Attacks by seagulls have left people with blood gushing from their heads in Eastbourne and a safety conscious post man has refused to deliver to certain addresses in the town because of the swooping birds.
Some see the gulls as an important part of the seaside and believe people are overreacting but others fear their attacks – with Eastbourne resident Barbara Buza telling the Herald last week that an attack she witnessed in Langney was like a scene out of a Hitchcock movie.
But with a razor sharp beak measuring around two inches, a wingspan of up to 1.5 metres and weighing more than a kilo it seems unsurprising the birds are unpopular with some. They can get up to speeds of around 40mph, resulting in a nasty collision should you be the victim of a territorial or protective gull.
The gulls are at their most dangerous at this time of year, when fledglings have hatched but are not able to fly. The adult birds become protective of their young and will dive bomb people if they feel they are under threat.
If they feel frightened, a gull will make a low repetitive noise to warn the person to keep away, it will then swoop low and close to the person’s head before targeting the threat with droppings. Finally, if the person has not responded to the warnings, the gull will dive bomb which can result in injuries.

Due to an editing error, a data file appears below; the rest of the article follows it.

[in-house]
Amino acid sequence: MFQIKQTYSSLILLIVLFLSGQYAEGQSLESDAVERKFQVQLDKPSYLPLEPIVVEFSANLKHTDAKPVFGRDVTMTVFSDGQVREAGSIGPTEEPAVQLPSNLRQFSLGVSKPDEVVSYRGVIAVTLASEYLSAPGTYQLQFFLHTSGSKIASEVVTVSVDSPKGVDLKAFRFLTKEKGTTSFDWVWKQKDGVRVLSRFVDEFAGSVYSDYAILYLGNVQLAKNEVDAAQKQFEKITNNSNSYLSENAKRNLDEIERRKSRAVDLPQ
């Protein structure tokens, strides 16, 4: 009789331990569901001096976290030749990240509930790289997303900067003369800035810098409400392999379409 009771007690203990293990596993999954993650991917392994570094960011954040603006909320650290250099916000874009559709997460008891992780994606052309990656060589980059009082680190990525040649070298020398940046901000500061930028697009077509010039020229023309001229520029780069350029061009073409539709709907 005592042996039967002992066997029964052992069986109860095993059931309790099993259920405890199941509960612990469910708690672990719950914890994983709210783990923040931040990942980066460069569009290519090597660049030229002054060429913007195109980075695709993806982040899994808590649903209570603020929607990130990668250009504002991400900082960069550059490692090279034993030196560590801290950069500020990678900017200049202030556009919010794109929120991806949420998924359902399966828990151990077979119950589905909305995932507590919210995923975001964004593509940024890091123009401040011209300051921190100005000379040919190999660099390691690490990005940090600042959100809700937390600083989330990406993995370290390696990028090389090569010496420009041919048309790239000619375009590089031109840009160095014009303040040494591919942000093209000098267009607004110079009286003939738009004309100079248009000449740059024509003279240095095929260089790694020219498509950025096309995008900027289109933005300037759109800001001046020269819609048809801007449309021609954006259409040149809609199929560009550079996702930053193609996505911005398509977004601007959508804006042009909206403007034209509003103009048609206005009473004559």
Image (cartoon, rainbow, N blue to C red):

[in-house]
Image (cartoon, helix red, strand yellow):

When it was revealed in the Herald that a postman was refusing to deliver to certain addresses, Trevor Weeks MBE, from East Sussex Wildlife Rescue Ambulance Service, said such attacks were rare.
He explained he always wore a hard hat for gull rescued but said injuries, during his many years of rescuing the birds, had been minimal and never serious.
An RSPCA spokesperson said, “Gulls are protected under the Wildlife and Countryside Act 1981 and it is illegal to intentionally do anything which causes suffering to wild birds and action can only be taken against them under licence.
“Herring gulls in particular are a species of conservation concern in the UK and research has shown that overall gull populations are actually in decline.”
Despite this, they are thriving in urban environments where they can feat on takeaway scraps – especially in seaside towns such as Eastbourne. There survival rate in built-up areas is 95 per cent and they can live for up to 40 years.